In every bit of honest writing in the world there is a base theme. Try to understand men, if you understand each other you will be kind to each other. Knowing a man well never leads to hate and nearly always leads to love.
Ideas are like rabbits. You get a couple and learn how to handle them, and pretty soon you have a dozen.
With humanity’s long proud history of standing firm against natural enemies, sometimes in the face of almost certain defeat and extinction, we would be cowardly and stupid to leave the field on the eve of our greatest potential victory.
The ancient commission of the writer has not changed. He is charged with exposing our many grievous faults and failures, with dredging up to the light our dark and dangerous dreams for the purpose of improvement.
No little appetite or pain, no carelessness or meanness in him escaped her; no thought or dream or longing in him ever reached her. And yet several times in her life she had seen the stars.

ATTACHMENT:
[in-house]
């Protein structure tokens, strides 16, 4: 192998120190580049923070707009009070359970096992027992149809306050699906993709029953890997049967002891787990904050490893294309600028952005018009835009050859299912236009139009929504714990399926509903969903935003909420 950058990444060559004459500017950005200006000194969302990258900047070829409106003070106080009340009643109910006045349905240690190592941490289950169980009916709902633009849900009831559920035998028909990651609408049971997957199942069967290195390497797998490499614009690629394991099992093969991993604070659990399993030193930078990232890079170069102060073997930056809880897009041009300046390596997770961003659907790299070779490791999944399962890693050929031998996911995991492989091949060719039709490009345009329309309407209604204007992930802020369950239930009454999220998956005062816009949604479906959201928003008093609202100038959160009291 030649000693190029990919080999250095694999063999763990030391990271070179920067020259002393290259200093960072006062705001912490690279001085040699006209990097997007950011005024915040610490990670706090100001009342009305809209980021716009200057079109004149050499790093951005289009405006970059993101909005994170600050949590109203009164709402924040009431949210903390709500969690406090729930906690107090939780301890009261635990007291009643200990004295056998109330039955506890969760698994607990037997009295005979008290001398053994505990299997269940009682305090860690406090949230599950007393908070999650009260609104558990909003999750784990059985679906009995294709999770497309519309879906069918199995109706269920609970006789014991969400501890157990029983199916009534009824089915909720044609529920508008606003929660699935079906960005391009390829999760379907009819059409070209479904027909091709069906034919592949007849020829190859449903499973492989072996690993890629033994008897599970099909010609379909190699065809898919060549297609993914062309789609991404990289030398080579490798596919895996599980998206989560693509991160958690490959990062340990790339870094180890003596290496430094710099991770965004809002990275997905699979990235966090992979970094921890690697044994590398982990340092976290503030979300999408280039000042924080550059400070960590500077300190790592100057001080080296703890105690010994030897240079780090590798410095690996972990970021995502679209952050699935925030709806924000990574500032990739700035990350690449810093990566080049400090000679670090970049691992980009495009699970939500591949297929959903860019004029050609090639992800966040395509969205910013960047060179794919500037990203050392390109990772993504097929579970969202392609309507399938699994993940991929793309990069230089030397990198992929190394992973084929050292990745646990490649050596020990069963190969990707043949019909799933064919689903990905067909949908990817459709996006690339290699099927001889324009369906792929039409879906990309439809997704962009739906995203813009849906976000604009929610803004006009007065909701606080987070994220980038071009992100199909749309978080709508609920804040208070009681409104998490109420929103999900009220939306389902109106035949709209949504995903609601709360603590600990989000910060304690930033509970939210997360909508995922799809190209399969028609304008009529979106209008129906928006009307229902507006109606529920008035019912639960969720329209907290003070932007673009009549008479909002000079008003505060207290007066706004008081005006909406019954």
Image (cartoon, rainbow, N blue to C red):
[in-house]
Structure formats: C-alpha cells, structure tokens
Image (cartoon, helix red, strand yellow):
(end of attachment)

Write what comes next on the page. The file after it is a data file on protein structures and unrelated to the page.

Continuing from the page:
My whole work drive has been aimed at making people understand each other and then I deliberately write this book, the aim of which is to cause hatred through partial understanding. My father would have called it a smart-alec book. It was full of tricks to make people ridiculous. If I can’t do better I have slipped badly. And that I won’t admit – yet.
I hold that a writer who does not passionately believe in the perfectibility of man has no dedication nor any membership in literature.
After the bare requisites to living and reproducing, man wants most to leave some record of himself, a proof, perhaps, that he has really existed. He leaves his proof on wood, on stone or on the lives of other people. This deep desire exists in everyone, from the boy who writes dirty words in a public toilet to the Buddha who etches his image in the race mind. Life is so unreal. I think that we seriously doubt that we exist and go about trying to prove that we do.